(Topic ID: 331610)

Robocop Restoration and Damage Repair

By Curbfeeler

1 year ago

Topic Stats

  • 8 posts
  • 4 Pinsiders participating
  • Latest reply 1 year ago by zermeno68
  • Topic is favorited by 2 Pinsiders


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#1 1 year ago

Hello. I've had my DE Robocop for going on 10 years now. It's a fairly rare game (1500 units) that has a lot going for it. It's a great looking machine that is fast and fun to play with excellent music and sounds. It also has some solid shots, including one of the most rewarding shots in pinball. Jump a cop car over a Duke's of Hazzard-style "Bridge Out" situation? Yes please!

Unfortunately, almost as soon as I brought this pin home a transistor shorted out and locked on two 906 flashers under the playfield. Before the bulb glass shattered, they managed to absolutely nuke an insert that is right in the player's view. No way around it; that's basically like gettin' shot in the crotch.

Most of the playfield (including this insert) is protected by factory mylar, so to even assess the damage pulling the mylar is in order.

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#2 1 year ago

With the mylar off it's obvious that the insert is completely cooked. The first thing I'll do is fire up my Silhouette Cameo and try a quick proof of concept. I want to be sure that recreating this art is even inside my skill set. A bit of time in inkscape and we're cutting our first sample. My amateur opinion is that this insert should be do-able.

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#3 1 year ago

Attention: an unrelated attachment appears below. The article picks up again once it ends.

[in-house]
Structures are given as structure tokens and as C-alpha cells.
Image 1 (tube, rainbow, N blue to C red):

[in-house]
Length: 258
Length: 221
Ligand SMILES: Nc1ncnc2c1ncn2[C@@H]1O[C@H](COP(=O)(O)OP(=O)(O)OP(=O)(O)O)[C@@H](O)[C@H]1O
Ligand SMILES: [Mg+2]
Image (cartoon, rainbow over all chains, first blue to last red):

Let's head over to the CNC. Unfortunately these inserts are no longer available, so we will have to make this one ourselves. A few years ago I made a few sets of hotdog inserts for friend's STtNG, so I know this is possible. I use a 2.5 mm single fluted "o-mill" that is specially designed for plastic, and it cuts like a dream.

It takes me two tries because my stock is about 1mm taller than the original insert, which surprisingly was also just a solid chunk of acrylic. I cut a "step" into the bottom of the insert, and the result is an exact fit. At this point I am very confident that this is going to work and we're going to get a nice end result.

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#4 1 year ago

The past couple days I have been scanning and stitching my playfield and creating airbrush masks that I can cut with my silhouette cameo vinyl cutter. Stitching the scans was unfortunately a manual process and took me quite a while to get right, despite trying to line up the edge of the scanner with the edge of the playfield during the scanning session.

I have most of the "surface area" traced for the masking, but of course I have saved all the most complex masking for last, so I'd say I'm about 60% done with the Inkscape work at this point. Hopefully will be cutting masks on the cameo by the weekend.

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#5 1 year ago

Welp, this ain't good. I did a test fitting of Anne Lewis just before bed. I'm using oramask and the same transfer tape I've used in the past, but I've never had paint pull up like this before. The only thing I can think to do is to try to get a layer of clear down before I touch this playfield with any kind of adhesive, but this stuff was not very tacky and that paint just peeled off like it was nothing. I barely lost any paint when removing the mylar, so I was not expecting this at all. Yikes!

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3 weeks later
#6 1 year ago

Wow.. curbfeeler.. impressive work.

Is it an idea to share the CNC data for reproduction.
More and more we will have to re-make our own plastics etc.
Either by CNC and/ or 3d printing. I don't know if the is copyright on it.. but i guess not.

Keep going !

#7 1 year ago

Man, there’s a Robocop machine at a bar near me and it is in dire need of work like this. It’s to the point that I’ve considered trying to buy it off the owner, as it definitely should not be used in tournaments in the condition it’s in.

Keep up the good work!!

#8 1 year ago

Joining to see your adventure. Nice touch on explaining some of your workflow and what products/techniques you’re using.

I don’t have room for a CNC machine, but 3-D machine is possible.

Keep it up!!

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